They’re marooned on that island and realise that they are saved. Some of them are unconscious when they arrive, they’re dehydrated, they’re starving and that’s all that lies in front of them, to discover. They need to bond, they’ve literally become a family. They have no idea where they are, at first they think they might still be in Indonesian waters. Unbeknownst to them, they’re forty kilometres away from the coast of Western Australia. It’s suspenseful in that you’re waiting to know what will happen when these people are finally discovered as they inevitably must be.
But it’s not a downer of a novel. It’s really about the human spirit.
Some of the fishermen, such as Lou who finds the refugees, offer some human compassion?
Very obviously, there are opinions put forward in the book. As you will have gathered, that little fishing village is actually a microcosm of Australia. There are guys who sit in bars and talk and it’s like country towns everywhere, that’s where opinions are aired and there are know-it-all people who get to profess, but I as the narrator don’t intend anything other than to write about these people as human beings. We see these people on television, hear the reports coming through and we switch to another channel. But here we see these people as human beings as we all are.
How did you research for all those different people?
I spoke to an absolute darling refugee couple, Iranian, a lawyer and his wife, and I had copious amounts of material. We’ve met on several occasions and they were extraordinarily helpful on a practical level. I read so many stories, so many personal stories that I wouldn’t even begin to put into the book, we don’t need to go into that degree of harrowing material, quite frankly. Within the book there are only three chapters where I retrospectively go into the background of the characters, one is an Afghani couple, another one is an Iranian young man and the other is a Syrian. There are Egyptians who are Coptic Christians so I attempted to explain why they made this long journey to Australia.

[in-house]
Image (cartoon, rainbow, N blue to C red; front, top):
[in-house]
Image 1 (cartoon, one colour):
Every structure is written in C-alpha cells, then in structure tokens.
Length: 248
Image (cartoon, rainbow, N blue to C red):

There a believability factor around the fact that they make it so far south but fact is so often stranger than fiction – there was a boatload of Sri Lankan refugees that came right ashore at Geraldton, right up on the beach at Geraldton in front of the Dome café at lunchtime when everyone was having their lunch. They didn’t actually founder on all the treacherous reefs around this area of Australia, and they got through coast watch coastal surveillance in broad daylight
Your books have sold more than a million copies throughout the world. Did you ever dream of that kind of success when you started writing?
No I never did, but I have been writing for a long time. I started while I was acting as many as long term actors do. It was when I was doing Home and Away which I did for many years that I just wanted a further creative outlet, so I started writing my books. By the time I had left that show which was thirteen years I’d had five books published. I had a readership and the start of a different career so that was a lucky bonus for me!
What books and authors do you currently read and admire?
I have a kinky affection for Lionel Shriver, and Margaret Atwood. I’ve been reading their latest books recently. I adore Aussie Richard Flanagan’s Narrow Road to the Deep North on every single level both as a gripping read, and one of the greatest love stories I’ve ever read. It has absolutely graphic horrendous material of the War and building the Burma railway and beautifully poetic prose. I thought it was one of Australia’s great novels.